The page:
Wildfires were scattered around Northern California on Sunday in the heart of wine country and in remote forests, the latest in what has become an unusually destructive year. State officials said lightning started more than 500 fires during the weekend. One had spread across 5.5 square miles by early Sunday, after starting Saturday afternoon in Napa County and quickly moving into a mostly rural area of Solano County.
The fire threatened more than 100 buildings as it fed on grassy woodland about 40 miles southwest of Sacramento, said Roger Archey, a spokesman for the California Department of Forestry and Fire Protection, or Cal Fire. It was 10 percent contained Sunday morning and had destroyed one home, Archey said. A mandatory evacuation had been ordered for some residents, said agency spokeswoman Nancy Carniglia.
Wildfires have destroyed at least 125 homes in Northern California so far this year. Blazes started popping up in the region just as California's unofficial fire season began in mid-May, following the state's driest two-month period on record. Thunderstorms were responsible for as many as 75 fires in Shasta-Trinity National Forest, about 160 miles north of Sacramento. They ranged in size from less than an acre to more than 750 acres. None immediately threatened homes, said Forest Service spokesman Michael Odle.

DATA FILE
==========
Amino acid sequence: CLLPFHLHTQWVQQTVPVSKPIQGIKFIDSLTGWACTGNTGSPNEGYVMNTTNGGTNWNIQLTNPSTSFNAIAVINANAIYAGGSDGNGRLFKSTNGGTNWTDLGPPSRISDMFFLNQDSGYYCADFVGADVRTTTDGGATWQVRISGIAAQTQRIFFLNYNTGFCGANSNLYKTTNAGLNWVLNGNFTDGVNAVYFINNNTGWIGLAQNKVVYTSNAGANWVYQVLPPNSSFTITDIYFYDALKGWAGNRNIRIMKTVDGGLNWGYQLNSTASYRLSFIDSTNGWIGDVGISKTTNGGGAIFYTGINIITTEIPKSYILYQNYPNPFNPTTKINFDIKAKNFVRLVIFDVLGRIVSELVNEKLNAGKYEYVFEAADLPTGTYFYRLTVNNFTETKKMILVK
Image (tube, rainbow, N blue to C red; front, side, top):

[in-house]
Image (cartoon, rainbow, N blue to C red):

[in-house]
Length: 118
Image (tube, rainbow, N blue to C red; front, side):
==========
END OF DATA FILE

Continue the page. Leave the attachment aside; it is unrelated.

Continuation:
Mendocino County had up to 90 fires, ranging in size up to 125 acres, said Cal Fire officials. South of San Francisco, a fire that destroyed homes and closed a stretch of highway was 90 percent contained after charring 630 acres. Evacuation orders were lifted Saturday, a day after roughly 2,000 people fled their homes. To the south along the coast, a wildfire in a remote part of the Los Padres National Forest in Monterey County was nearly 60 percent contained after charring an estimated 83 square miles.
In New Mexico, hundreds of firefighters battled blazes that had charred more than 100 square miles, including more than 4,000 acres on a ranch owned by media mogul Ted Turner. The largest fire, 20 miles southwest of Hope, New Mexico, was 35 percent contained after charring about 64 square miles.